Egoism and Altruism

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1. Metaethics
The term “meta” means after or beyond, and, consequently, the notion of metaethics involves a removed, or bird’s eye view of the entire project of ethics. We may define metaethics as the study of the origin and meaning of ethical concepts. When compared to normative ethics and applied ethics, the field of metaethics is the least precisely defined area of moral philosophy. It covers issues from moral semantics to moral epistemology[->0]. Two issues, though, are prominent: (1) metaphysical issues concerning whether morality exists independently of humans, and (2) psychological issues concerning the underlying mental basis of our moral judgments and conduct. a. Metaphysical Issues: Objectivism and Relativism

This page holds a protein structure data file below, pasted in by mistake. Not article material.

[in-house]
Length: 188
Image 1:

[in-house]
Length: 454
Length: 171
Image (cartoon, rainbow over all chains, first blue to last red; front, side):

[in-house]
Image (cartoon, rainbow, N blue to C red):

Metaphysics is the study of the kinds of things that exist in the universe. Some things in the universe are made of physical stuff, such as rocks; and perhaps other things are nonphysical in nature, such as thoughts, spirits, and gods. The metaphysical component of metaethics involves discovering specifically whether moral values are eternal truths that exist in a spirit-like realm, or simply human conventions. There are two general directions that discussions of this topic take, one other-worldly and one this-worldly. Proponents of the other-worldly view typically hold that moral values are objective[->1] in the sense that they exist in a spirit-like realm beyond subjective human conventions. They also hold that they are absolute, or eternal, in that they never change, and also that they are universal insofar as they apply to all rational creatures around the world and throughout time[->2]. The most dramatic example of this view is Plato[->3], who was inspired by the field of mathematics. When we look at numbers and mathematical relations, such as 1+1=2, they seem to be timeless concepts that never change, and apply everywhere in the universe. Humans do not invent numbers, and humans cannot alter them. Plato explained the eternal character of mathematics by stating that they are abstract entities that exist in a spirit-like realm. He noted that moral values also are absolute truths and thus are also abstract, spirit-like entities. In this sense, for Plato, moral values are spiritual objects. Medieval philosophers commonly grouped all moral principles together under the heading of “eternal law” which were also frequently seen as spirit-like objects. 17th century British philosopher Samuel Clarke described them as spirit-like relationships rather than spirit-like objects. In either case, though, they exist in a sprit-like realm. A different other-worldly approach to the metaphysical status of morality is divine commands issuing from God’s will. Sometimes called voluntarism (or divine command theory[->4]), this view was inspired by the notion of an all-powerful God[->5] who is in control of everything. God simply wills things, and they become reality. He wills the physical world into existence, he wills human life into existence and, similarly, he wills all moral values into existence. Proponents of this view, such as medieval philosopher William of Ockham[->6], believe that God wills moral principles, such as “murder is wrong,” and these exist in God’s mind as commands. God informs humans of these commands by implanting us with moral intuitions or revealing these commands in scripture. The second and more this-worldly approach to the metaphysical status of morality follows in the skeptical philosophical tradition, such as that articulated by Greek philosopher Sextus Empiricus, and denies the objective status of moral values. Technically, skeptics did not reject moral values themselves, but only denied that values exist as spirit-like objects, or as divine commands in the mind of God. Moral values, they argued, are strictly human inventions, a position that has since been called moral relativism[->7]. There are two distinct forms of moral relativism. The first is individual relativism, which holds that...
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